A Few of My Favorite Things

When each of my own boys went on missions, I gave them a small stone from home. I suggested that they keep it in their pocket so that every time they put their hand into their pocket they would feel the small stone. I asked that they use it as a reminder of how they are loved by family and how close we really are. I also asked that they see it as a reminder of the strength of the Savior and the love He has for them. 

We had been here about a month when we received a package from home. When we first arrived the mornings were a bit chilly (weird), and when we went for a walk, Reed felt like he needed a long sleeved shirt. We asked Ryan to send one. Included in the package was a small stone. No note about the stone, but none was needed. I was flooded with gratitude for the reminder that it presented me-love from home and from our Savior. I keep the stone in my very large purse. Often when I am digging for something I will come across it. I pull it out and let memories and love wash over me. I don't think it is a coincidence that I seem to find it on the very hardest of days. It has very quickly become one of my favorite things.

I was taught a significant lesson by one of our missionaries during our most recent zone conferences. He said, "Charity can only occur between people. We can't have charity towards other things. We may love food or our pets, but charity can only exist between people." While I probably have always known this, when he said it, I realized how right he was. It is the charity of others that brings us to a place of greater peace, understanding and clarity. 

I think there may be times in our lives when we miss seeing the charitable acts of others. We don't often think of family love as charity. But isn't that exactly what it is? There seems to be no better sphere to be charitable than within our own families. "And charity suffererth long, and is kind, and envieth not, and is not puffed up, seeketh not her own, is not easily provoked, thinketh no evil, and rejoiceth not in iniquity but rejoiceth in the truth, beareth all things, believeth all things, hopeth all things, endureth all things."(Moroni 7:44)  Can you imagine what our homes and families would be like if this was our driving force?

The scripture continues: "Wherefore, my beloved brethren, if ye have not charity, ye are nothing, for charity never faileth. Wherefore, cleave unto charity, which is the greatest of all . . .." (Moroni 7:46) I have always evaluated my own charity against this standard. While that evaluation is important, I have come to understand it in a new way. I am nothing without the charity of others. I am nothing if their charity towards me fails. As I cleave unto others' charity for me I discover what is greatest of all. This little stone signifies charity and love; the kind of love that is the greatest of all.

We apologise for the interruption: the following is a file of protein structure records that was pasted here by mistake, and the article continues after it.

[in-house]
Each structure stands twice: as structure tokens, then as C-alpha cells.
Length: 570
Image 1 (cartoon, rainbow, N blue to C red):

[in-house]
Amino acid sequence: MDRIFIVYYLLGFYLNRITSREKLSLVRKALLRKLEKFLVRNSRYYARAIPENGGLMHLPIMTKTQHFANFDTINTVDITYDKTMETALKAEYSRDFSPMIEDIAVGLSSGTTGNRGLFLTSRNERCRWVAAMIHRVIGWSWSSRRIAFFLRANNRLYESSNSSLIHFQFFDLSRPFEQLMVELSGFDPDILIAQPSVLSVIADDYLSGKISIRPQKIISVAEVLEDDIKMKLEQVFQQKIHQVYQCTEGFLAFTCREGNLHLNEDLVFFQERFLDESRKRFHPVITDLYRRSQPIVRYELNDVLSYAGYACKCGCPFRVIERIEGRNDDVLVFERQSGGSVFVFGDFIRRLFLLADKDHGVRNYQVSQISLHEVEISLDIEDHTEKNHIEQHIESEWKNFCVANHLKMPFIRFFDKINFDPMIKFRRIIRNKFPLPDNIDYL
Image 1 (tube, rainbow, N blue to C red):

This past week, we had our Mission Leadership Council. This day has become my favorite of the entire month. We gather all of the mission leadership and counsel together. It is a time of exploration and discovery. These leaders represent the best of the mission. They bring great insight as we discuss issues and concerns. It is a time of renewal and recommitment for us all. We had some changes and had some new zone leaders this time. We see the wisdom in change; new ideas and perspective are important as we work to lift and move the mission forward. What powerful representatives of the Savior!

And finally, some of my very favorite people. This is Dallin and Fita Talataina and their darling son Liam. We met Dallin when we served here before teaching institute. He quickly became a friend and a great support to our efforts. Dallin embodies everything good about Samoa. He is true to his Samoan heritage, yet governs his life and his family based on gospel principles. Dallin and Fita were married in Salt Lake City a couple of years ago. We attended the wedding. As I embraced him following the ceremony in the Salt Lake Temple, I realized just how much I had missed him. I have learned much from Dallin about generosity and optimism. It is a tender mercy to be here again and spend moments of time with one of my favorite people and his new precious family.  

A Call to Action

We finished our zone conferences on Friday. It was, as always, uplifting to meet with the missionaries. They carry amazing power and strength. Serving a mission is hard. I think it is meant to be that way. Getting a glimpse of the change that takes place as they submit to the will of God is a sweet gift. Be sure to check out the pictures on the Life with Missionaries page.